Album Title : Elvis Is Back
Catalogue Number : LPZ - 2037
Year Release : 27th June 1997
Side One : Make Me Know It - Fever - The Girl Of My Best Friend - I Will Be Home Again - Dirty, Dirty Feeling - Thrill Of Your Love
Side Two : Soldier Boy - Such A Night - It Feels So Right - Girl Next Door Went A'Walking - Like A Baby - Reconsider Baby
Brief History :
Contrary to Don McLean's sentiments, it was on August 16, 1977 that the music died. It did not pass in a tragic plane crash with Richie Valens, the Big Bopper and Buddy Holly, but in a Memphis bathroom. The myth of Elvis may have superseded the man, but his startling musical accomplishments live on in the hearts of millions of music lovers. There is no place better for the Elvis impaired to begin to understand the strength and endurance of this vital music than through these two releases by DCC. Building on the foundations of blues, country and gospel, and melding influences of soul, pop and rockabilly into a uniquely American sound that bridges generations and genre, Elvis Aaron Presley left a body of work that has been largely ignored by the audiophile community. With exception of 'Elvis Is Back' (RCA LSP 2231), which has a long history (and matching price for original pressings) of exceptional sound quality, I can honestly say I have never heard an Elvis cut played for a demo or referenced as demo material on any review I have read. With the release of these fine albums I hope that will change. I am sure listeners who have avoided Elvis because of the "fat guy in a white jump suit" image will find their ears and expectations pleasantly surprised by the music contained here-in.
First to the best, DCC Compact Classics LPZ-2037 is a straight up re-issue of LSP 2231 from the cover art to the glorious sound, including the now famous Living Stereo moniker across the top of the LP's face. Originally recorded in March and April of 1960, this was Elvis and company's first real stereo recording. As is true of most Elvis recordings the copies I always found were either rough-beyond-playing or priced one-step-down from heart failure. As it is, I count myself lucky to have found a reasonably priced clean copy of LPM 2231, the mono release. I almost got a ticket racing over to the local vinyl emporium when I heard they had a copy of this DCC re-issue for me. The original mono, while not offering any idea of the sound-stage waiting on the reissue, was detailed and warm and oh-so-musical. In comparison the DCC reissue is all of this and a bag of chips too. The DCC release offers even more detail, allowing the critical listener to hear the differing acoustics of the studio, echo chamber, reverb plates and the sonic signatures of the many microphones (this is a multi-tracked album) used to commit these performances to tape. Punchier in the bass and clear, clean and detailed with air to spare, the DCC has faultless surfaces and superb pressing quality.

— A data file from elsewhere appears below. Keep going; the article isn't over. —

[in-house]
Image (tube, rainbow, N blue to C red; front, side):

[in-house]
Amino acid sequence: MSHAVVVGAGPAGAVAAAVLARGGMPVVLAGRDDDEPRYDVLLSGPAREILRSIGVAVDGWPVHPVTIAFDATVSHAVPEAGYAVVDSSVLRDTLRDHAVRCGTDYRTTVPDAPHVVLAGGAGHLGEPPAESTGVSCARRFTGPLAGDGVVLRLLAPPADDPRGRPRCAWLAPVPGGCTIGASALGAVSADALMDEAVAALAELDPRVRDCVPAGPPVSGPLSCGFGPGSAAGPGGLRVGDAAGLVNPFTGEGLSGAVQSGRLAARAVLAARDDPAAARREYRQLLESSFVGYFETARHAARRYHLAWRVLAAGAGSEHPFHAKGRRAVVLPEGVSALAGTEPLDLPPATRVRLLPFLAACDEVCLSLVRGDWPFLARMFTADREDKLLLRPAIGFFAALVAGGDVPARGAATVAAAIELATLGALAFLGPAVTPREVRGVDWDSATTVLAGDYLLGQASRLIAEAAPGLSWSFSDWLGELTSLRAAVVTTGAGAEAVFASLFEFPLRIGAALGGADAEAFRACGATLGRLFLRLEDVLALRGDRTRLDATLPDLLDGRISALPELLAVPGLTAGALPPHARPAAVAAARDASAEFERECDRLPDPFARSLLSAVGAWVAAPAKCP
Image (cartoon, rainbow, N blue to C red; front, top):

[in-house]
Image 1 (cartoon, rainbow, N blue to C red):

As for the music, one needs to go no farther than the second cut Fever to see that this is more than a rockabilly album. In fact this recording brings far more soul and R & B styling to the music of the Tupelo kid than any of the recordings that came before it. You could do worse than to buy this album just for this one song, so strong is the performance and recording. If Bob Moore's walking bass line doesn't have weight and richness and Elvis's finger snaps aren't surrounded by air and executed with a real, fleshy "pop" then there is something wrong with your system! My favorite song follows immediately - The Girl Of My Best Friend . The Jordanaires voices add richly innocent backing to the buttery voice of the King of Rock And Roll.
I Will Be Home Again is the closest you will hear to a country-western influence on this outing. This can be attributed more to Moore's guitar phrasing and Floyd Cramer's piano than anything in Elvis' performance. While Dirty, Dirty Feeling breaks no new ground, it does offer one of Scotty's better rock'n'roll guitar breaks, and is a fine refrain of the music of this team's earlier efforts; recordings which turned popular music on its ear seven years earlier. Thrill Of Your Love offers a glimpse of the rich Elvis crooning still to come.
Side two opens with Such A Night , a song made famous by The Drifters in 1954. Here it is given a spirited reading by Elvis. It Feels So Right plain out rocks, Girl Next Door Went A 'Walking brings Gordon Stoker, Neal Matthews, Hoyt Hawkins and Ray Walker closer to the front of the mix. It is easy to follow all four voices as they harmonize seamlessly with the king. The album is closed by the great blues tune Reconsider Baby . Elvis sings his heart out, Cramer's piano work, while far back in the mix and somewhat boxy sounding, is a tour de force of blues technique. Boots' sax break is everything his talent promised it would be. This cut is a real gem.
I have not heard this recording on DCC compact disc but ears I trust tell me that it doesn't give an inch to the vinyl. For those of you who are digitally oriented and would like to own a classic Presley recording with outstanding sonics, this is the way to go. For vinyl fans this release is a must-have and at one third the price of a NM original pressing it is a bargain! Add this to your Elvis collection today! If you don't have an Elvis collection per se, and you only want one album as a taste this is a fine choice - but you may be better served with DCC's other Elvis masterpiece 'Elvis 24 Karat Hits!' (DCC LPZ(2)-2040).